How tired are we of "artificial intelligence" and "machine learning" being sprinkled like pixie dust on every product being hawked by vendors? The challenge for cybersecurity professionals is to see through the fog and figure out what's real and what's just marketing hyperbole.
Often, marketing hyperbole exceeds the reality. Notoriously, Tesla's Autopilot sensors can be fooled in certain edge conditions, iPhone X can be fooled to unlock a phone by a doppelganger, and Apple's Siri isn't very good at taking directions. Even the winning team in the DARPA Cyber Grand Challenge lost spectacularly to actual hackers at the DEFCON conference following its win against other machines at Black Hat.
Machine learning is built on recursive algorithms and mathematics, making the concept itself difficult for many to comprehend. So how can buyers and practitioners decipher what's "real" machine learning technology from marketing spin and, just as importantly, what is effective versus what is not?
The five questions below go to the heart of how well a particular machine learning approach performs in detecting attacks, regardless of which particular algorithm it uses.
1. That detection rate you quote in your marketing materials is impressive, but what's the corresponding false-positive rate?
The false-positive rate is the flip side of detection rates. False positives and true detection rates go hand in hand. In fact, a system can be tuned to optimize false positives or true detections to acceptable levels. The receiver operating characteristic (ROC) is a curve that shows the relation between true detections versus false positives. Pick a false-positive rate on the curve and you'll see the corresponding true detection rate of the algorithm. If a vendor can't or won't show you a ROC curve for its system, you can bet it hasn't done proper machine learning research, or the results are not something it would brag about.
2. How often does your model need updating, and how much does your model's accuracy drop off between updates?
Just as important as detection and false-positive rates is the ability of the model to age well. Machine learning models will age with time as the training data it trained on becomes obsolete. The ability of a machine learning model to generalize from what it has trained on can be measured by its decay rate, the rate at which the model’s performance declines with time as the data it trained on ages. A good machine learning model will age slowly, which in practice means it will not need to be replaced that often. For comparison, traditional signature-based models need updating daily. A good machine learning model only needs to be replaced once every few months rather than every few days. The decay rate is heavily influenced by the training data. A diverse training set leads to a stable model, and a narrow training set ages out very fast.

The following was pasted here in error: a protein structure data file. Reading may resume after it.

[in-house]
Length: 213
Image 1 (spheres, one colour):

3. Does your machine learning algorithm make decisions in real time?
Depending on your application, you can use machine learning for retrospective forensic analysis or for inline blocking — that is, blocking attacks as they occur in real time. If used for inline blocking, the approach needs to operate in real time, typically measured in milliseconds. In general, this rules out online lookups because of round-trip times from the cloud. Real-time performance requires a compact model able to run on-premises in the device's memory. Asking the real-time performance of the model is one way of figuring out whether the model is compact enough to block attacks in real time.
4. What is your training set?
The most overlooked important attribute in machine learning is the training set. The performance of a machine learning algorithm depends on the quality of the training set. Good, curated training sets that are robust to change, reflect real-world conditions, and diverse are hard to acquire, but they are incredibly important for effective performance. If the data on which the model is trained is not representative of the threats you will face, then the performance on your network will suffer regardless of how the model was tested. Models tested on narrow data sets will have misleading performance results.
5. How well does your machine learning system scale?
The good and bad news for machine learning in security is that there is a massive amount of data on which to train. Machine learning algorithms typically require those massive amounts of data to properly learn the phenomena it is trying to detect. That's the good news. The bad news is the models must be able to scale to Internet-sized databases that change continuously. Understanding how much data an algorithm is trained on gives an indication of its scalability. Understanding the footprint of the model gives an indication of its ability to compactly represent and process Internet-scale databases.
As you can see, for a machine learning approach to be successful, it must do the following:
Next time you talk to a company that claims to use machine learning in its products, be sure to get answers to these questions.